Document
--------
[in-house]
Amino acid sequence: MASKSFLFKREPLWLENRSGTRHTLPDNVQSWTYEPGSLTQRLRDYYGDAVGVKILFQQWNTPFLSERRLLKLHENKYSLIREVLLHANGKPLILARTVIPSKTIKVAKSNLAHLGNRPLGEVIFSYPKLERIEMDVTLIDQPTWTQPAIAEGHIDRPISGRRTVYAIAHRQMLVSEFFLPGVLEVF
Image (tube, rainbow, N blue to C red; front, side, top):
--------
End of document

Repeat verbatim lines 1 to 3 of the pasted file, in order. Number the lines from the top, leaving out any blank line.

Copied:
[in-house]
Amino acid sequence: MASKSFLFKREPLWLENRSGTRHTLPDNVQSWTYEPGSLTQRLRDYYGDAVGVKILFQQWNTPFLSERRLLKLHENKYSLIREVLLHANGKPLILARTVIPSKTIKVAKSNLAHLGNRPLGEVIFSYPKLERIEMDVTLIDQPTWTQPAIAEGHIDRPISGRRTVYAIAHRQMLVSEFFLPGVLEVF
Image (tube, rainbow, N blue to C red; front, side, top):